Enterprise collaboration in 5 simple steps

Why does everything to do with enterprise collaboration sound like so much work? We talk of enterprises, vast collaborative landscapes and complex user bases.

For those taking the first brave steps, it can seem more of a learning cliff than a learning curve. And for those doing this on top of their day job, insurmountable.

Follow these five steps, and you can ease the pressures of enhancing enterprise collaboration:

1) Make it simple

I had written a draft of this blog, discussing the key techniques for encouraging low-maintenance networks of need, but then I watched David Groom of MSC UK present their Ragan award-winning intranet. David discussed the decision-making process, how they made adoption simple and then made a profound statement when asked what advice he would give himself if he was creating his intranet and culture again. It was too brilliant not to share:

“If you aren’t a full time Intranet Manager or Community Manager, it can feel like a hobby on top of the day job. Make sure you use tools that are quick to implement and understand.”

Simple tools don’t mean dumbing down your workforce, simple tools make for a smarter workforce.

As the person implementing them, make sure you are able to ramp up or ramp down tools quickly. There is nothing wrong with failing fast and trying something else from time to time, but do so in a strategic manner. Strategic thinking will overcome the typical mistake of adding tools for a specific need rather than sweating the functionality you already have.

Tools you can activate in the click of a button frees you up to focus on the benefit rather than integration. This allows you to phase in tools that meet user needs as they’re required.

2) Make it clear

The secret to user adoption is showing users how to use tools after explaining why they’re better than previous alternatives.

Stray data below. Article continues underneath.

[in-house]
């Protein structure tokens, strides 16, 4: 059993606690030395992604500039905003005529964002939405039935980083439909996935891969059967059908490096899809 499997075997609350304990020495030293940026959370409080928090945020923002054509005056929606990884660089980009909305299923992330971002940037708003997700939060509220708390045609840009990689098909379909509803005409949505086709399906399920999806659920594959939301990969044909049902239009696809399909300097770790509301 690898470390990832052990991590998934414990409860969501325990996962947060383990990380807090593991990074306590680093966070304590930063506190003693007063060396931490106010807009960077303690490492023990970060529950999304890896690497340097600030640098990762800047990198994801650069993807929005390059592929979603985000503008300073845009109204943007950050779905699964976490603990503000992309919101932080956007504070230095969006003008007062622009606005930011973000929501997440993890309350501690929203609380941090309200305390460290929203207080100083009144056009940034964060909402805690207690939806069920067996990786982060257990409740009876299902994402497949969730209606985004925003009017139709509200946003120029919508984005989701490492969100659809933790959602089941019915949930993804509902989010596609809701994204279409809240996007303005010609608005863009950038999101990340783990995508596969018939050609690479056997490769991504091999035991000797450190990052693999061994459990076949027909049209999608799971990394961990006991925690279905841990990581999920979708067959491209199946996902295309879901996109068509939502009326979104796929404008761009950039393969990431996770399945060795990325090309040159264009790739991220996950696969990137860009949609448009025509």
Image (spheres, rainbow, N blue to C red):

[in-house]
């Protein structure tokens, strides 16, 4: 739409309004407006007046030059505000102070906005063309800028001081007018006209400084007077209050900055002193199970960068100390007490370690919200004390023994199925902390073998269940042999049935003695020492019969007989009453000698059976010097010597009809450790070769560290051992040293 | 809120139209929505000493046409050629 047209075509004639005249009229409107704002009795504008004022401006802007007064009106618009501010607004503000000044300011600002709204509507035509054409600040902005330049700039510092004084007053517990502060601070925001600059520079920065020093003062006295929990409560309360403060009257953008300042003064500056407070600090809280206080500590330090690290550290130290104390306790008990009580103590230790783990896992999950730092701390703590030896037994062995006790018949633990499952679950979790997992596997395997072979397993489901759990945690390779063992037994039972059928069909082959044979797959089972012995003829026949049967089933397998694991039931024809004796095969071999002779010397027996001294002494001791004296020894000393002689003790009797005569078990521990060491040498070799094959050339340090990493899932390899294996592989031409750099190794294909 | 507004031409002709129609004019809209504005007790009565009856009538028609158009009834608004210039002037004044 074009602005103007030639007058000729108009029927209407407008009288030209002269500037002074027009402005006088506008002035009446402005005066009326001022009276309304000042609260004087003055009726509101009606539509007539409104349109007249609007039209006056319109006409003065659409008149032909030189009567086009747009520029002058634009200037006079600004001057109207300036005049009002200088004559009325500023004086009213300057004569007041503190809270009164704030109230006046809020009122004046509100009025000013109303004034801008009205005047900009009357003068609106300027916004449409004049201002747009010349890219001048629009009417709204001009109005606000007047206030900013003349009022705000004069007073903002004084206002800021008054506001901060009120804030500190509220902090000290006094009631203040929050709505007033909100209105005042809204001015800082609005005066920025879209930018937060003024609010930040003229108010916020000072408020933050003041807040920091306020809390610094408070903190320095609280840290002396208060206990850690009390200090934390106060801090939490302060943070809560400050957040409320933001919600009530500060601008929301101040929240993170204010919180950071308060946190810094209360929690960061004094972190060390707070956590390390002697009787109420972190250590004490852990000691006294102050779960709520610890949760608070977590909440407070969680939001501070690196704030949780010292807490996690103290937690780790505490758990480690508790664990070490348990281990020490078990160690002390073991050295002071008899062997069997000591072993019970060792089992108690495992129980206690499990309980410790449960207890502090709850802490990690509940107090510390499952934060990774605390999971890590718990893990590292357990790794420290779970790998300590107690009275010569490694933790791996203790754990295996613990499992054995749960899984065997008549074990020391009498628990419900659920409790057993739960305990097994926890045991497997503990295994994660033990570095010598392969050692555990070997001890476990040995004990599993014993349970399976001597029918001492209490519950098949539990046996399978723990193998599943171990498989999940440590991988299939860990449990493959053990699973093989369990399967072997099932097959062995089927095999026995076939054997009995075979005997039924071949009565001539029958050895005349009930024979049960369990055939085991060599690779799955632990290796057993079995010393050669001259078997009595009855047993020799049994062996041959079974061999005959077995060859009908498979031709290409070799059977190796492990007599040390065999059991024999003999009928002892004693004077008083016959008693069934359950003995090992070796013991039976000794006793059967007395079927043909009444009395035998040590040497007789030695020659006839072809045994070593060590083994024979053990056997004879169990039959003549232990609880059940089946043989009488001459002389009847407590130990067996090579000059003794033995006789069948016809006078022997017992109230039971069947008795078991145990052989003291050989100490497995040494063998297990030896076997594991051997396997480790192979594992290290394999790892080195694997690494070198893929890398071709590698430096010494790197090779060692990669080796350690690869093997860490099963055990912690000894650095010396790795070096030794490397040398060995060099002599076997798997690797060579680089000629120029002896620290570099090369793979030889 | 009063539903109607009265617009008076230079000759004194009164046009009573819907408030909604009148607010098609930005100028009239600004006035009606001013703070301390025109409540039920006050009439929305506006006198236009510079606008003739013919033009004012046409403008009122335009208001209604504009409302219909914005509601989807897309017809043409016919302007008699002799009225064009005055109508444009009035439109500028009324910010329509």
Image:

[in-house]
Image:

So you understand what a tool can do and why you’ve done it, but do your users? Be sure you communicate their use so your audience gets it. Remember they are consumers: if your product isn’t decidedly easier or quicker, why would they change their habits?

To make this easy think “can I explain this within ten seconds? What’s in it for the user?”

3) Make it sticky

Never underestimate the power of getting your content liked and shared for bringing you back to do more.
Hands up who gets a buzz from your content being liked and shared on Facebook or LinkedIn, or having your Tweets retweeted? It’s a good feeling, isn’t it? It’s also a good way to qualify success.

While a blog explaining why the organization faces an across the board pay freeze won’t be met with the same enthusiasm as an announcement of an off-site team building exercise, view any engagement with posts as a positive.

Similarly, gamifying engagement with your tools, through an influence score or a rewards system, can bring out the inert competitor and communicator.

4) Make it relevant

Senior managers often have the same training needs as a standard user.

Have objectives and initiatives, create measures of success that actually have a meaning for the organisation, and don’t just think in terms of ROI, think in terms of both quantitative and qualitative benefits.

The people judging your success may also be one of your consumers. Make it as easy as possible for them to understand and use your tools.

5) Make it easy (for you)

The beauty of the guidance above is you don’t need to do it all at once. In fact, I would recommend you don’t. Phase in effective tools based on available time. And unless you have a guaranteed captive audience to use it instantly, remember perception can be as critical as function.

Use the resources available to you to guide you. If you’re an Interact customer you have the Community to share ideas, a Services team to help you get up and running, and a Customer Success team to provide you with a success plan that takes your collaboration from a seedling to enterprise collaboration.